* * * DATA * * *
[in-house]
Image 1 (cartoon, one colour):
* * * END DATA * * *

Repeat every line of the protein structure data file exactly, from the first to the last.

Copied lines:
[in-house]
Image 1 (cartoon, one colour):